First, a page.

Some media has described this situation as the world's biggest work from home experiment given the number of employers advising employees to stay home. It's certainly true that this is the longest work from home experiment that I have experienced.
When I received the notification of the work from home two weeks ago, I had mixed feelings about it - while I was happy that we would be relatively safe from the coronavirus, I also had bad memories from my past work from home experiences. Surprisingly, the past two weeks have been quite pleasant! I realised that there were some key differences that I needed in my work from home experience to make it productive and desirable for myself.
Lone remote working does not work for me
In the past, whenever I have been the only person in my company working from home, I feel rather lonely. Knowing that all my colleagues and friends are at their workplaces while I am alone at home made me feel some kind of FOMO. I didn't think I was necessarily missing out on "fun" that they were having at work, but it made me feel odd to be at home when everyone else I knew was at work. With the coronavirus situation, it's become a norm to work from home - all my colleagues were working from home too, and so were many of our customers, and many of my friends. Given that we were all going through the same experience, there was no feeling of exclusion. More so, everyone working remotely leads to more tele-communication over chat, so our Teams chat was quite active throughout the day. One of the days, I met a friend for lunch, and another day I went swimming earlier in the evening than I normally would, because I knew other people near me also working from home.
It helps to have deadlines or targets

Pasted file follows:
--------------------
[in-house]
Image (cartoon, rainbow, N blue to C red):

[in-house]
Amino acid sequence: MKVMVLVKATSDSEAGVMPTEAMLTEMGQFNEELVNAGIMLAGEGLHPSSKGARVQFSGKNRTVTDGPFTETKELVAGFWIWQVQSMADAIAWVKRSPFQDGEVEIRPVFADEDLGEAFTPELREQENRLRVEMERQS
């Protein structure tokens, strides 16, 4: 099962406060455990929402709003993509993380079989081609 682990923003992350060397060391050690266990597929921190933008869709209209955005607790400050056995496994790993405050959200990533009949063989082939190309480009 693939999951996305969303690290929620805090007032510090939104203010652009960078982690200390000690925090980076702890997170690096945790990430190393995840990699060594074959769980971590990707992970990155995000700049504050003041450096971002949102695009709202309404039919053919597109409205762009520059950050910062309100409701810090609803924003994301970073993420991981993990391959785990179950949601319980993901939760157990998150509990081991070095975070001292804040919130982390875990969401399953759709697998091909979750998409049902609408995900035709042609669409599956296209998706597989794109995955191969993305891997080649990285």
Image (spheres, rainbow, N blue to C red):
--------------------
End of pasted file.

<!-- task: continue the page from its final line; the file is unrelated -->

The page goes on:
When one is part of a startup or running their own startup, the targets and deadlines are much looser than in corporates based on my experience. When I worked from home in the past for my own startup or other people's startups, there weren't fixed deadlines or targets I had to meet. I could afford to slack. Now that I'm at a bigger company that has a stronger culture of targets and deadlines, I can't afford to slack! So even if I'm working from home, I won't get up from my desk in the middle of the day to go do laundry or cook lunch, because I have tight deadlines I need to be at my desk for atleast 8 hours a day to meet.
Having fewer types of tasks helps
Switching between different types of tasks is always tricky for me. I feel the pain of transitions from meetings to focussed tasks to creative tasks to writing emails and so on. There is a certain discipline required to code switch effectively, which I am able to harness better at the office. My current job scope is relatively narrow compared to my past job scopes at startups. Most of my job involves making calls, setting up meetings, and writing notes from my meetings. So there isn't too much switching involved between different types of tasks, which makes it easier for me to focus through the day.
Time bound work day is sooo important